Computer security as a discipline was first studied in the early 1970s, although the issues had influenced the development of many earlier systems such as the Atlas system and Multics. Unfortunately, many of the early seminal papers are often overlooked as developers (and sometimes researchers) rediscover problems and solutions, leading to wasted time and development effort.
We are identifying seminal papers in the field of computer security, synopsizing them, and putting them on a series of CD-ROMs. Each CD-ROM will also contain synopses of each paper on it and a key word index to aid the reader in locating papers quickly. The papers will be in their original text processing form (if available) and Postscript and PDF.
This information has several types of value. First, it provides a historical record of how computer security developed, and why. It provides a resource for computer security education. Instructors will be able to assign sets of papers for students to analyze without having to assemble the resource materials. Lastly, it provides a resource for practitioners, to which they can turn to see what has been suggested (and tried) before, under what conditions, and with what results.
We are beginning with seminal papers, technical reports, and other documents up to the early 1980's. Our first effort will include only those documents without copyright restrictions, because we wish to put out the first CD quickly (as proof that the idea of the project has merit). We plan to include between 10 and 30 papers. Later CDs will contain the contents of the first, plus substantially more papers.
These web pages contain information about the project. Please explore them!
SOMETHING ABOUT COMPUTERS
Generally, a computer is any electronic data-processing device that performs tasks, such as mathematical calculations or electronic communication, under the control of a set of instructions called a program. Programs usually reside within the computer's main memory and are retrieved and processed by the computer's electronics, and the program results are stored or routed to output devices, such as video display monitors or printers. It communicates with other electronic devices to receive data, store and manipulate them (using mathematical and logical calculations specified in a sequence of instructions called a program), and transmit the results; e.g. accept a sequence of numbers typed in at a keyboard, and plot a graph of them on a visual display unit, or monitor.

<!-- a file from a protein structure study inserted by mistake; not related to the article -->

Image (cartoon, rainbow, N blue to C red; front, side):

Computers are now familiar at work, home, and school, as desktop personal computers (PCs). They also exist as very small devices called microprocessors, to control electronic equipment and machinery, e.g. car engines; and as much larger devices such as supercomputers, used to model and predict weather, earthquakes, nuclear explosions, etc.
The heart of today's computers are integrated circuits (ICs), sometimes called microchips, or simply chips. These tiny silicon wafers can contain millions of microscopic electronic components and are designed for many specific operations: some control an entire computer (CPU, or central processing unit, chips); some perform millions of mathematical operations per second (math coprocessors); others can store more than 16 million characters of information at one time (memory chips).
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